whole wheat oatmeal raisin scones

7.15.2010

oatmeal raisin scones

Oatmeal and raisins have always been comfort foods for me, especially when they're in a cookie. But don't be deceived by these mini rounds for cookies, they are simply just scones. What is a scone you ask? Since I now live in the South, I would describe them as a biscuit.  Most people down here would understand what that means. Scones have a crumbly texture and are not as sweet or moist as a cookie. The scone originated in Scotland but has become well known through the British, often associated with afternoon tea.  I came across a recipe from one of my favorite bakeries in New York City, Levain Bakery. They are famous for their monster cookies, which their recipes are kept top secret. However, the folks at Levain are kind enough to share their recipe for delicious oatmeal raisin scones. Well, I decided to make half a batch last night, but ran out of all-purpose flour. So instead of running to the store, I substituted whole wheat flour for all-purpose. In the end, the scones came out quite good especially with a spoonful of jam or honey!

whole wheat oatmeal raisin scones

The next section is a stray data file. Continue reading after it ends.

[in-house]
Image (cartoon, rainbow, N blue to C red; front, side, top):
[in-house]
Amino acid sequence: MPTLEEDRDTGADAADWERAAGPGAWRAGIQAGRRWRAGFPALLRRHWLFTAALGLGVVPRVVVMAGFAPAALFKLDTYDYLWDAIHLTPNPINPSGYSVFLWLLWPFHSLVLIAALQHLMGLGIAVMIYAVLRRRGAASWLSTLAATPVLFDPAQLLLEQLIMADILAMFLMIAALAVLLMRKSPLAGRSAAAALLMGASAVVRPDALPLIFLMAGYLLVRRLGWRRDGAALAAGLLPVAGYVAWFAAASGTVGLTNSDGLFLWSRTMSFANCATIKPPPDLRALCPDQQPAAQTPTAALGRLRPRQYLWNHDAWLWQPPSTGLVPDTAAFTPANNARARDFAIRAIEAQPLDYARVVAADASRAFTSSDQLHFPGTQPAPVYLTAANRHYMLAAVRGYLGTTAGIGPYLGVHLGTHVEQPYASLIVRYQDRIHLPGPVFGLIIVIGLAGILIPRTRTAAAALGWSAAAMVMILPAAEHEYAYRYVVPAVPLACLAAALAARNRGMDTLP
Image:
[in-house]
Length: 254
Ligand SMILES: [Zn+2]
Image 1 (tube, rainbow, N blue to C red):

adapted from levain bakery

ingredients
  • 3 cups all-purpose flour, plus more for the counter
  • 2 1/2 cups rolled oats
  • 3/4 cup white sugar
  • 2 tablespoons baking powder
  • 1 teaspoon kosher salt
  • 12 ounces sweet butter - cold and diced small
  • 1 cup golden raisins
  • 1 1/2 cups half-and-half 
directions
  1. Combine everything except the half-and-half until sandy in consistency. Do not over mix. (Mixture should not be creamed.)
  2. Quickly pour in 1 1/4 cups of the half-and-half while mixing. If the dough appears at all dry add the remaining 1/4 cup of half & half until just combined. Again, do not over mix.
  3. Turn the dough out onto a very well floured surface. If the dough is very sticky, flour the top of the dough also. Pat the mixture into a layer 3/4 to 1-inch thick. Using a 2-inch diameter round cutter, cut out the scones, dipping the cutter into flour each time between cuts. Place each scone, as cut, onto a parchment paper covered sheet pan leaving 2 to 3 inches between each scone. This should make 12 round scones. (You can also form dough into rectangular shape and cut with a knife into 12 square or triangular scones.)
  4. Bake for about 18 minutes or until golden brown on both the top and bottom of scones. 

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